It was easy to make sure that the animals were taken care of in my absence for a few days but now additional plans need to be made. Rosemary's mom is still with us and everyone is surprised. It is not the time to leave yet but I hope I will be home soon.

When Rosemary was visiting several weeks ago I gave her some of the new shorn fleece as she is a superb spinner and knitter. It is funny to see all the fleece here and it makes me miss the sheep and Beau even more.

Yesterday, Rosemary needed to get out for a bit so she took me to a great fiber supply store. I bought a flick carder that I had been interested in trying on some locks so I can spin with even less preparation. Then we came back here and I tried it on Amelia's fleece and Charlotte's fleece. It works great and I can't wait to get back home and use it more.

I am wondering if Beau, the sheep, and the chickens miss me. It will be interesting to see how they react when I do come home.

Thursday, July 15, 2010


As I walked around last night taking pictures of all the things that have been accomplished here on the farm my heart filled with gratitude.

I am grateful for all of Adam's patience and hard work tackling water issues at the barn and all around and weed issues in the gardens. I am thankful he is strong and tall.

I am grateful for Evan's talent and willingness to construct nesting boxes for the chickens and for Dwight's artistic latch for the coop.

I am grateful for Charlie teaching me in the ways of farming.

I am grateful all the animals get along like one big happy family. (still trying to get a family shot)

I am especially grateful for all the support from family and friends throughout my transition and I am especially, especially grateful for John's time for consultations and building me everything I couldn't build myself at a time when he is involved in his own new endeavors. Check it all out in my slideshow dedicated to Karen who has been patiently waiting for me do a slideshow.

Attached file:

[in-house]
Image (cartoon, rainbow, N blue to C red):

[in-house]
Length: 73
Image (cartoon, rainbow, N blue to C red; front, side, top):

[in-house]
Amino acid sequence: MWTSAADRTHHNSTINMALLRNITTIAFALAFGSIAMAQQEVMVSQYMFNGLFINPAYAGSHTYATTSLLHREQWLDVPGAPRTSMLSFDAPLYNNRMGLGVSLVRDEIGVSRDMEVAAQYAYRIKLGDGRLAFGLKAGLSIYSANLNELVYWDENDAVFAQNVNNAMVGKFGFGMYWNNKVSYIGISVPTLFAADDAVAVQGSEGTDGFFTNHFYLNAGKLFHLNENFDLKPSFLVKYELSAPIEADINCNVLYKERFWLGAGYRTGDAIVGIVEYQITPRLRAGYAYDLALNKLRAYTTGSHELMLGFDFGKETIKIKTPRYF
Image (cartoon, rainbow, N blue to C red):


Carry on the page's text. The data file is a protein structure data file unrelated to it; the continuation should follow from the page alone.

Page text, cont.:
Click to play this Smilebox slideshow
Create your own slideshow - Powered by Smilebox
This free slideshow customized with Smilebox

Tuesday, July 13, 2010

in BETTER rythm

3 inches + later you can almost hear the sighs and giggles as the earth's inhabitants in Rockbridge County recover . Four rains we have had now since the long long dry spell and all of them gentle to start and steady.

Today was digging day. The rains had come again into the barn on the west side but not as bad as before. Time to dig a trench and Adam set to it with new energy-- maybe gained from a 4 day music concert in WV. The perfect day for digging a trench and Adam made it look easy. I am afraid I wasn't much help as I was keeping track of my two little friends from across the cornfield. They had shovels as well, but not the attention span needed to be of much help with the digging. The part they liked best was emptying buckets of water in the trough to make sure Adam's trench would drain correctly. Beau kept an eye on the boys for awhile but seemed to conclude they would not be a threat to the sheep or chickens and maybe a help in the big picture. This was the first time the boys spent any real time on the inside of the fence.